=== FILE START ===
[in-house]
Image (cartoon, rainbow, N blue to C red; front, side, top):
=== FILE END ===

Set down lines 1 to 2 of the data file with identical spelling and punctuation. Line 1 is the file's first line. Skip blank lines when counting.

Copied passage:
[in-house]
Image (cartoon, rainbow, N blue to C red; front, side, top):